FAQs about PPP and other SBA loans

What is the Paycheck Protection Program?

PPP is a loan program offered by the U.S. Small Business Administration designed to provide a direct incentive for small businesses to keep their workers on the payroll. If you receive a PPP loan, the SBA will forgive the loan if all employees are kept on the payroll for eight weeks and the money is used for payroll, rent, mortgage interest, or utilities (at least 75 percent of the forgiven amount must have been used for payroll). Read about the specific requirements of the SBA’s Paycheck Protection Program.

Is the Paycheck Protection Program out of money?

The SBA has already loaned the initial $349 billion in PPP funding. The federal government is expected to designate an additional $320 billion in funding within the next few days.

What if I already applied for a PPP loan but did not receive one?

If you’ve already applied but did not receive a loan in the first round of funding, it’s likely you will be eligible for any newly authorized loan funding and will not have to re-submit a loan application. Check with your lender and the SBA’s Small Business Guidance & Loan Resources for updates.

How do I apply for a PPP loan?

As of April 23, the SBA is not accepting new applications at this time for PPP loans. The federal government is expected to authorize new funds for the PPP within the next few days. Check the SBA’s Small Business Guidance & Loan Resources for updates.

You can apply through any existing SBA 7(a) lender or through any federally insured depository institution, federally insured credit union, and Farm Credit System institution that is participating. Check with your local lender to find out if they are participating in the program. It’s likely that additional lenders will be approved in pending federal legislation.

What if I already laid off my employees—can I apply for a PPP loan and rehire them?

Yes. You can receive the loan, rehire your employees and use the proceeds of the loan to pay for the payroll and other eligible costs. In order for your loan to be forgiven, you must rehire your employees by June 30, 2020 and maintain head count and pay levels for 8 weeks after you receive the loan.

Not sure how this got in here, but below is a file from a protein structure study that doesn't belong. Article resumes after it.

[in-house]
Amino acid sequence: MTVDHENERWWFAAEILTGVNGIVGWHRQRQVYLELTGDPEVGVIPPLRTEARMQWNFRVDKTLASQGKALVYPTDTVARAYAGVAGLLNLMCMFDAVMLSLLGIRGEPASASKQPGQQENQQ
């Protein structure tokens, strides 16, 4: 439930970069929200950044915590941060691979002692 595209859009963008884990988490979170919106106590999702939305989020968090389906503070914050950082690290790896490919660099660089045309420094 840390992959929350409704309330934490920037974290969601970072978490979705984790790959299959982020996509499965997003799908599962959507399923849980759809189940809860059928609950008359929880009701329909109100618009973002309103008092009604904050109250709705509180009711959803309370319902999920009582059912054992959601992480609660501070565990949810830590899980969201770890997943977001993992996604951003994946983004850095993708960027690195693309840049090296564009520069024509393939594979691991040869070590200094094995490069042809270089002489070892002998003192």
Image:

If I receive a PPP loan when does the eight-week period start?

The eight-week period starts the day the money is deposited into your bank account.

Can the money be applied retroactively to pay past wages or other costs?

No, the loan funds must be spent for current or future eligible expenses.

What if I accept a PPP loan but can’t maintain payroll after 8 weeks?

As long as you rehire or maintain payroll for 8 week after getting the loan and use the entirety of the loan amount to pay for eligible expenses, the loan can still be forgiven.

What if I’m an independent contractor or self-employed—am I still eligible for a PPP loan?

Yes, you are most likely eligible, but in order for your loan to be forgiven, any salary you pay yourself cannot be equal to the entire size of the loan and must be tied to net profits from last year. The SBA recommends discussing your particular circumstances with your lender.

Does the SBA offer any other loan programs for small businesses impacted by COVID-19?

Yes, the SBA offers the Economic Injury Disaster Loan (EIDL) program and the EIDL Emergency Advance. Learn more about SBA’s Coronavirus Relief Options.

If I apply to the EIDL program can I still apply to the Paycheck Protection Program (PPP)?

Yes you can apply to both. However, when determining loan forgiveness under PPP, assistance you receive from EIDL is taken into consideration.

Where can I find more information about resources for employers and small businesses?

Visit CareerOneStop’s COVID-19 Resources for Employers.

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